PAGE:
Tredegar ‘Park-ed’ - Water woes slows community’s healing seven years after mass murder
The gunfire has subsided and persons are starting to return to their abandoned homes in the volatile community of Tredegar Park in St Catherine, but those who have returned say that they are facing another injustice: the absence of water in their pipes.
"It is affecting us bad around here because every day, me have to keep buying water and me cannot afford to buy water," said Marcia Smith, who lives metres from the Tredegar Park All-Age School, where students have been washing their hands in buckets for years.
"When the war did 'round here, it was worst because we had to go to Quarry and we couldn't get to go around.
"Very rare the parish council send one truck with water. Otherwise, we constantly have to buy it. Me live wid me husband and me two son dem, and every week I have to carry my clothes to my daughter dem go wash," added Smith.
She told our news team that she spends at least $2,500 each month to fill a water tank at her house.
The figure increases significantly if she decides to wash her clothes and have a shower at the house where she has lived for more than 20 years.
"And if you have $2,000, the water truck man dem complain. Dem don't want to give you," said Smith as she argued that persons in authority are well aware of the plight of the residents.
"We block the road, and each time we block the road dem say 'yes, we going to give you water', and all now there is no water.
"And if we block the road, you see the parish (municipal) council send in a little truck and fill up one and two drums," charged Smith.
At the Tredegar Park Basic School, where 37 toddlers are enrolled, teachers face a health crisis whenever the pupils go to the bathrooms.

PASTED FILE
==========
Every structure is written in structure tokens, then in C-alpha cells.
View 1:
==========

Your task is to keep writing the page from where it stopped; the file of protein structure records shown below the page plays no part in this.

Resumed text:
"The National Water Commission use to send the truck to fill the tanks at the school, but from January, they said to me that I have to have an account before I can get any more water," said Sheila Marsh, principal of the school.
According to Marsh, it would cost the school approximately $8,000 to set up the account before it is charged every time water is delivered.
"Is beg we have to be begging. We have to beg for the water, and for a country that is the land of wood and water, it is very bad," argued Marsh.
"We need the water because we have to use the water to cook, and the children go to the bathroom very regular. Is two weeks straight now I don't have any water," added Marsh.
Tredegar Park made the media front pages in 2010 when eight persons - five men and three women - were slaughtered by thugs who kicked in the doors to their homes, methodically discharging bullets from high-powered rifles.
The incident sparked a massive exodus from the community as fearful residents fled.
Now, life has started to return to normal in the community although the shells of houses, some riddled with bullet marks, remain as grim reminders of the tragedy.
But the residents argue that things would return to normal quicker if there was water running through their taps.
"It wiped out our farm project because we don't have any water to water the plants. We have had this water problem for about six or seven years," said Hyacinth Rochester, principal of the Tredegar Park All-Age School as she pointed to the plot where they once grew agricultural produce.
Now, the school's farm has been reduced to dried leaves and stunted watermelons.
"I would encourage the authorities to please provide some water through the pipelines so that we can resuscitate our farm project so that we can have running water in the bathroom. The children have to be using water out of drums, and that is not sanitary," said Rochester.